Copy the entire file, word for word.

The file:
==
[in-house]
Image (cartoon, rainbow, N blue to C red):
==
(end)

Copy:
[in-house]
Image (cartoon, rainbow, N blue to C red):